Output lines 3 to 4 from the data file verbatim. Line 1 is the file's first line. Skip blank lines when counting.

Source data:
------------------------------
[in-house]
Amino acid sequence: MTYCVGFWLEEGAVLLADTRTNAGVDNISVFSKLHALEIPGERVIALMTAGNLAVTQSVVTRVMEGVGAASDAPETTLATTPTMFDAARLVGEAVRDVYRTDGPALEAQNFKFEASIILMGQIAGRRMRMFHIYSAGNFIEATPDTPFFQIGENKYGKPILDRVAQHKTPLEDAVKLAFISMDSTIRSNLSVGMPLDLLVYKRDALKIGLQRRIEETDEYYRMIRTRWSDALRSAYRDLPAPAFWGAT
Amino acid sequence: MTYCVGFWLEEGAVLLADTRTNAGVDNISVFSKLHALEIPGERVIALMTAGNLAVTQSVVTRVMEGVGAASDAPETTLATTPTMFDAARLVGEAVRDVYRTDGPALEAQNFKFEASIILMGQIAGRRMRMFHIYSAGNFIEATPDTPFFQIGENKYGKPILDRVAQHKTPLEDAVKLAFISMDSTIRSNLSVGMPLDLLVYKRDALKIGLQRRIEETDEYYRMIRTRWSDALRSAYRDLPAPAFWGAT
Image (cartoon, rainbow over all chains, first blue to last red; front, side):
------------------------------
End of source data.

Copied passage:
Amino acid sequence: MTYCVGFWLEEGAVLLADTRTNAGVDNISVFSKLHALEIPGERVIALMTAGNLAVTQSVVTRVMEGVGAASDAPETTLATTPTMFDAARLVGEAVRDVYRTDGPALEAQNFKFEASIILMGQIAGRRMRMFHIYSAGNFIEATPDTPFFQIGENKYGKPILDRVAQHKTPLEDAVKLAFISMDSTIRSNLSVGMPLDLLVYKRDALKIGLQRRIEETDEYYRMIRTRWSDALRSAYRDLPAPAFWGAT
Image (cartoon, rainbow over all chains, first blue to last red; front, side):